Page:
Muncaster Et Al 2D Hydraulic Modelling

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30th Hydrology and Water Resources Symposium 4 - 7 December 2006 Launceston, TAS Design flood estimation in small catchments using twodimensional hydraulic modelling –A case study Steve Muncaster Associate Water Technology 15 Business Park Drive, Notting Hill VIC 3168 Email: steve.muncaster@watech.com.au Warwick Bishop, Associate Water Technology 15 Business Park Drive, Notting Hill VIC 3168, Email: warwick.bishop@watech.com.au Andrew McCowan Director Water Technology 15 Business Park Drive, No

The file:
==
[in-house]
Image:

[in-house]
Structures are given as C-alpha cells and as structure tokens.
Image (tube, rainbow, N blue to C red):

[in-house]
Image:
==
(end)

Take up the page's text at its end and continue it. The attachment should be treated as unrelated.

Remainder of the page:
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  30  th  Hydrology and Water Resources Symposium 4 - 7 December 2006 Launceston, TAS    Design flood estimation in small catchments using two-dimensional hydraulic modelling –A case study   Steve MuncasterAssociate Water Technology 15 Business Park Drive, Notting Hill VIC 3168Email:steve.muncaster@watech.com.au Warwick Bishop,Associate Water Technology 15 Business Park Drive, Notting Hill VIC 3168, Email:warwick.bishop@watech.com.au Andrew McCowanDirector Water Technology 15 Business Park Drive, Notting Hill VIC 3168, Email:Andrew.mccowan@watech.com.au  Abstract: Design flood estimates are often required for small catchments as part ofdevelopment planning and/or infrastructure design. Traditionally, the probabilistic Rational Method hasbeen the principal approach to estimate design peak flow with simple hydraulic calculations employedto size culverts and bridge waterways. The application of the Rational Method, while well ingrained inengineering practice, relies on significant simplifications of the catchment runoff process. Thesesimplifications can lead to uncertainty surrounding design flood estimates. More sophisticatedanalysis is possible through the use of runoff routing models such as RORB, Rafts or Urbs. Suchmodels allow greater detail to be incorporated into the analysis at a subcatchment level, althoughsome simplifications of the runoff process are still necessary. Recent developments in two-dimensional hydraulic models enable the direct application of rainfall excess onto the computationalgrid. Increasingly high resolution topographic data is becoming available, often associated withproposed development of a particular area. These two developments facilitate the application of two-dimensional hydraulic models as a runoff routing model in small catchments. This paper discusses thekey aspects of this application including appropriate topographic data sources, computational gridresolution and effective roughness values. Results from a preliminary application to small ruralcatchments in the Geelong region are presented and used to illustrate key aspects. In particular, theselection of appropriate hydraulic roughness is critical. Better representation of catchment storage isprovided through the use of topographic data in the computational grid. The use of a two-dimensionalhydraulic model integrates the hydrologic and hydraulic aspects into a single model. Furtherinvestigation is required to assess the role of hydraulic roughness in determining surface runoff rates. Keywords: runoff routing, hydraulic roughness, catchment storage, flood estimation   1 INTRODUCTION The flood behaviour analysis of smallcatchments is commonly undertaken as part ofinfrastructure and development conceptualdesign. This flood analysis typically consists oftwo components: hydrologic analysis(determination of peak flows and floodhydrographs) and a hydraulic analysis(determination of flood depths, extents andconceptual design of hydraulic structures).Historically, the common approach employedthe Rational Method and simple culvert routinesas the two principal analysis tools. A morerefined approach may employ a runoff routingmodel (e.g. RORB (Laurenson and Mein1997)).Key catchment characteristics for determiningflood response are runoff production (i.e.catchment losses) and the available catchmentstorage. The Rational Method lumps the losscharacteristic into the runoff co-efficient and thestorage catchment is reflected in the time ofconcentration. Runoff routing models (RORB,(Laurenson and Mein 1997), WBNM (Boyd et al1994), & URBS (Carroll 2003), etc) split thesetwo characteristics with the runoff productiondealt with by the loss model. The catchmentstorage is reflected by the use of a powerrelationship between catchment storage andoutlet. The familiar S = KQ m is found in variousforms in RORB, WBNM and URBS.More rigorous analysis of catchment response,particularly catchment storage, have been inthe past limited by the lack of available datarequired to construct such models.  30  th  Hydrology and Water Resources Symposium 4 - 7 December 2006 Launceston, TAS    Assessment of the variation of availablecatchment storage within small catchments canbe aided by available topographic data. Two-dimensional hydraulic models can utiliseavailable topographic data in the analysis ofavailable catchment storage and its role in floodresponse.Recent developments in the cost effectivecollection of topographic data, such as AirborneLaser Scanning (ALS), has lead to increasedavailability of detailed topographic informationand the potential use of two-dimensionalhydraulic analysis. Further, two-dimensionalhydraulic models have evolved significantlyover recent years (McCowan et al 2002).Generally the use of two-dimensional (2D)hydraulic models has been for thedetermination of flood extents and levels overlarge floodplains. With this approach, ahydrologic model/analysis has provided a floodhydrograph as a boundary condition to thehydraulic model. However, many 2D hydraulicmodels are now capable of modelling the effectof net rainfall on the computational grid.This development has enabled the integrationof the hydrologic and hydraulic components offlood behaviour analysis for small catchments.This paper discusses the critical aspects of theapplication of 2D hydraulic models as a tool forrunoff routing in small catchments. Particularattention is paid to the following: o Analysis of catchment storage o Role of hydraulic roughness (Manning’s “n”)in determining catchment response o Conservation of mass within twodimensional models when applied with directnet rainfall.A case study for several small catchments tothe south of Geelong is provided to illustratethis approach.This paper aims to provide an initial insight tothe application of 2D hydraulic models to runoffrouting and is not intended as a rigorous reviewof this application. 2 APPLICATION OF HYDRAULICMODELLING TO RUNOFF ROUTING ATCATCHMENT SCALE A number of hydraulic based models have beendeveloped for routing of surface runoff at thecatchment scale. These models usetopographic information at various resolutions,and hydraulic solution techniques as the basisto evaluate the connectivity and conveyance ofoverland flow paths. These models include Liuet al (2003), Jain and Singh (2005), and Fortinet al. (2001). A review of similar applications isprovided in Singh and Woolhiser (2002).Typically these models have employed thekinematic wave and/or diffusive wave approachto the solution of the Saint Venant equations.These approaches overcome the computationaldemands of the full dynamic wave hydraulicmodel (Singh 1996). The kinematic waveand/or diffusive wave approach typically uses alower spatial resolution (larger computationalgrid size). This lower spatial resolutionfacilitates the use of more coarse topographicdata as the basis for the computational grid.Further these models typically simulate therunoff generation component as well as therunoff routing component of surface flows.Fully-dynamic wave 2D hydraulic models havegenerally been employed for floodplainhydraulic analysis. Recent developments haveseen dynamic wave hydraulic models, as suchMIKEFlood (DHI 2005) and TUFLOW (WBM2006), able to have direct net rainfall on thecomputational grid. The fully-dynamic wavemodels are generally employed with a highspatial resolution (smaller computational gridsize) than the diffusive wave models discussedabove. This high spatial resolution allows forsmall features which influence catchmentstorage characteristics to be adequatelyschematised and resolved (Horritt and Bates2001). The increased availability of highresolution topographic data has the potential toaid the application of fully-dynamic wavemodels to runoff routing.Various formulations of hydraulic roughnesshave been employed in the 2D hydraulicmodels. Determination of hydraulic roughnessparameters is well developed for floodplainapplications of 2D hydraulic models. For thesefloodplain applications, hydraulic roughnessvalues are ideally determined through modelcalibration against observed flood levels andextents. However, in the absence of observedflood data, many references (e.g. Chow 1959)provide guidance.In typical floodplain applications of 2D hydraulicmodels, flow depths are generally in order oftens of centimetres to several metres. Whenapplied for the purposes of runoff routing, flowdepths away from the main waterways aresmall (< 0.1 m). At such shallow flow depths,the effective roughness may increase due tothe effect and type of ground cover. As a result,the roughness value applied to the same typeof ground cover may vary as the flow depth  30  th  Hydrology and Water Resources Symposium 4 - 7 December 2006 Launceston, TAS    increases. Further investigation of appropriateroughness values away the watercourses isrequired to refine the application of dynamicwave 2D hydraulic models to runoff routing. 3 CASE STUDY – ARMSTRONG CREEK,GEELONG3.1 Study area The case study focuses on 6 small catchmentslocated to the south west of Geelong. The studyarea has been identified as a possible futureurban growth area for Geelong. Figure 1(provided at the end of the paper) shows thegeneral location of the study area andcatchment delineation. The naming conventionfor the catchments was taken as the City ofGreater Geelong specification. The catchmentareas are: C253&C254 – 442 ha, C255C – 324ha , C257 – 2833 ha, C267A - 74 ha, C267C – 45 ha and C267D -32 ha.The study area consists mainly of rural land.The associated drainage is via a number ofdrainage depressions and larger watercourses.Generally the watercourses in the study areaare not well defined with extensive shallowflooding occurring frequently.The seven catchments can be divided into thefollowing two groups o Enclosed catchments – catchmentsentirely contained within the study area. o External inflow catchments – Catchments not fully enclosed in thestudy area and have catchment inflowsfrom outside the study area. 3.2 General model application The 2D hydraulic modelling package employedfor this study was MIKE Flood. The MIKE Floodpackage is a state of the art tool for floodplainmodelling that has been formed by the dynamiccoupling of Danish Hydraulics Institute’s wellproven MIKE 11 river modelling and MIKE 21fully two-dimensional modelling systems. (DHI2005)Two approaches have been used for theapplication of MIKE Flood. These twoapproaches were developed to reflect the twocatchment types as follows: o Enclosed catchments:- MIKE Floodwas applied as an integrated hydrologicand hydraulic model to the entirecatchment. Direct net rainfall wasapplied to the computational grid. o External inflow catchments:- MIKEFlood model was applied as per theenclosed catchments for the portion ofthe catchment within the study area.Runoff contributions from thecatchment external to the study areawere then determined by a RORBmodel.The MIKE Flood models employed a 5 mcomputational grid for all the catchments in thiscase study.Both the MIKE Flood and RORB models wererun for a range of design storm durations inorder to assess the critical durations. 3.3 Available input model data There is no streamflow data available for thecatchments in the study area. As such, formalcalibration of the hydrologic and hydraulicanalyses has not been possible.A photogrammetric survey covered the entirestudy area consisting of a regular grid of spotelevation, contours and breaklines to definelinear features. Further, the details of culverts,bridges and retarding basins were incorporatedinto the model. 3.4 Design rainfall and losses Design rainfall depths and temporal patternswere obtained from Australian Rainfall andRunoff (IEAust 1999). A uniform design rainfallspatial pattern was applied. To determine net100 year design rainfalls for input into the MIKEFlood, an initial loss of 10 mm and continuingloss of 2 mm/hour were adopted for the ruralareas. 3.5 External catchment design inflowhydrographs For the external inflow catchments, the RORBmodels were developed for the entirecatchments. The RORB parameter kc wasdetermined using a regional prediction formula(Pearse et al 2002). The RORB modelsincorporated the existing retarding basins.The design losses, for the RORB models, wereadopted as an initial loss of 10 mm andcontinuing loss of 2 mm/hour. In urban areas, afraction impervious of 0.45 was adopted.  30  th  Hydrology and Water Resources Symposium 4 - 7 December 2006 Launceston, TAS    3.6 Hydraulic roughness As discussed, the estimation of hydraulicroughness is complicated by the shallow flowdepths occurring in catchments away from theformal watercourses. To assess the impact ofroughness on computed peak flow at thecatchment outlet, the following two hydraulicroughness scenarios were tested:1. Uniform roughness across the entirecatchment (Manning’s n = 0.04)2. Varied roughness with higher roughness inareas away from the watercourses.(Manning’s n = 0.04 for watercourses andn = 0.1 for remainder of catchment) 4 RESULTS4.1 100 year peak flow For the enclosed catchments, the sub-catchment peak flows obtained from the MIKEFlood models were compared to peak flowsobtained from the Rational Method. TheRational Method as outlined by VicRoads(1999) was applied with a 10 year runoff co-efficient (C10) of 0.1. The 10 year runoff co-efficient was obtained from Australian Rainfalland Runoff (IEAust 1999). Table 1 Design 100 year peak flowestimates: Enclosed catchments Catchment RationalMethodpeak flow(m 3  /s)MIKEFlood peak flow (m 3  /s)UniformroughnessVariedroughness(floodplain 0.1)C255 C 8.619.6 13.3C267 A 2.94.4 2.6C267 C 2.04.6 3.4C267 D 1.64.8 3.8 For the external inflow catchments, Table 2shows the MIKEFlood 100 year peak flowscompared to the RORB model peaks flows. Table 2 Design 100 year peak flowestimates: External inflow catchments Catchment RORBmodel(m 3  /s)MIKEFlood peak flow (m 3  /s)UniformroughnessVaried roughness(floodplain 0.1)C253&C25412.714.8 13.6 C257 4466 48 4.2 Flood hydrograph shape As RORB models were developed for the twoexternal inflow catchments, design 100 yearflood hydrographs were available forcomparison to the MIKEFlood hydrographs.Figures 2 and 3 shows the RORB model andMIKEFlood 100 year design flood hydrographsfor the C253&C254, and C257 catchments forthe uniform roughness scenario. 02468101214160:00 1:00 2:00 3:00 4:00 5:00 6:00 7:00 8:00 9:00 10:00 11:00 12:00 Time (h)    F   l  o  w   (  m   3   /  s   )   RORB modelMIKEFlood   Figure 2 C253&C254 100 year design floodhydrographs 0102030405060700:00 2:00 4:00 6:00 8:00 10:00 12:00 14:00 16:00 18:00 20:00 22:00 0:00 Time (h)    F   l  o  w   (  m   3   /  s   ) RORBMike Flood   Figure 3 C257 100 year design floodhydrographs   4.3 Mass conservation To ensure the MIKEFlood model wasadequately conserving mass, a comparison ofthe net rainfall volume to the computed runoffvolume was made with the results shown inTable 3. Table 3 Mass conservation comparison   Catchment Mass error (% of total inflow)C255 C 2.7C267 A 1.8C267 C 1.0C267 D 1.0